Taiwan May Let Citizens Vote on Marriage Equality, Shocking and Disappointing LGBTQ Activists
This post is also available in: ไทย
The Taiwanese government will put the question of same-sex marriage up to a non-binding voter referendum in November 2018, according to local journalists. The approval of a Taiwan marriage vote comes after a period of legislative inaction following a historic May 24, 2017, ruling from Taiwan’s Constitutional Council’s declaring the “one man, one woman” definition of marriage in the country’s civil code as unconstitutional.
On Wednesday, the country’s Central Election Commission decided to move forward a voter referendum pursued by anti-LGBTQ activists to the next stage. That means in November voters might need to vote for three things: whether only heterosexual marriages should be allowed under the civil code, whether public school children should learn about gay and lesbian topics and whether same-sex couples should be allowed to wed under an entirely new law.
The Constitutional Council’s May 2017 ruling only said the government had two years to implement a law granting same-sex couples the rights and privileges of marriage — basically a deadline of May 2019. But the council didn’t specify how the legislature should do it, and because the legislature didn’t move quickly, Taiwan’s anti-gay groups were able to successfully petition the election commission for a referendum.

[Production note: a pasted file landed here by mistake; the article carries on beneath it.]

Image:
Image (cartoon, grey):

The downsides of a Taiwan marriage referendum
Jack Hsiao, Hornet’s General Manager in Taiwan, says that similar to what happened in Australia, the majority party in Taiwan’s legislative body has been too scared to take a stand in the debate over LGBTQ rights and would prefer to let public opinion decide.
But, Hsiao adds, leaving the fate of marriage up to a public vote has several drawbacks: First, as we saw in the United States, because LGBTQ people are a social minority, leaving their civil rights up to a popular vote leaves them at a disadvantage. Also, if Taiwanese same-sex couples aren’t allowed to marry but are given “civil unions” or something else, it could create “separate but (un)equal” second-class unions, preventing gay couples from gaining the full spectrum of marriage rights.
Because the upcoming referendum is non-binding, it will still be up to the legislature to follow the court’s ruling to grant marriage rights to Taiwan’s same-sex couples. If they create a separate type of union for same-sex couples, the Constitutional Council may soon find itself with a new legal challenge delaying full equality for gay couples indefinitely.